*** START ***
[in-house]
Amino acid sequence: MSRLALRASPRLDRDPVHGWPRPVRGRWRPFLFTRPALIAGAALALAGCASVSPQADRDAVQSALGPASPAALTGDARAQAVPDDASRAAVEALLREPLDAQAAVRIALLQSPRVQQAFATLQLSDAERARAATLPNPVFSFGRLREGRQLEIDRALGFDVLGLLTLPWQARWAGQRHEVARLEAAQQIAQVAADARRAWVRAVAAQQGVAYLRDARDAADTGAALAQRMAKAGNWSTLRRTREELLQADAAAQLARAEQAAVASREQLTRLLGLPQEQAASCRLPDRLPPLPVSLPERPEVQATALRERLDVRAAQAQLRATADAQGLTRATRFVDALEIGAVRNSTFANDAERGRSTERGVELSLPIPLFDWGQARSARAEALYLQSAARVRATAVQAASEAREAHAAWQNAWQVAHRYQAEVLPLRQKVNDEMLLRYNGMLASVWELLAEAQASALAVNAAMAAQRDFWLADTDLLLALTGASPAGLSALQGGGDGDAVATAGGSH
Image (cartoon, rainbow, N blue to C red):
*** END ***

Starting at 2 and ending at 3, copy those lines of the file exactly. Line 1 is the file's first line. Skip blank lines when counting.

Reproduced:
Amino acid sequence: MSRLALRASPRLDRDPVHGWPRPVRGRWRPFLFTRPALIAGAALALAGCASVSPQADRDAVQSALGPASPAALTGDARAQAVPDDASRAAVEALLREPLDAQAAVRIALLQSPRVQQAFATLQLSDAERARAATLPNPVFSFGRLREGRQLEIDRALGFDVLGLLTLPWQARWAGQRHEVARLEAAQQIAQVAADARRAWVRAVAAQQGVAYLRDARDAADTGAALAQRMAKAGNWSTLRRTREELLQADAAAQLARAEQAAVASREQLTRLLGLPQEQAASCRLPDRLPPLPVSLPERPEVQATALRERLDVRAAQAQLRATADAQGLTRATRFVDALEIGAVRNSTFANDAERGRSTERGVELSLPIPLFDWGQARSARAEALYLQSAARVRATAVQAASEAREAHAAWQNAWQVAHRYQAEVLPLRQKVNDEMLLRYNGMLASVWELLAEAQASALAVNAAMAAQRDFWLADTDLLLALTGASPAGLSALQGGGDGDAVATAGGSH
Image (cartoon, rainbow, N blue to C red):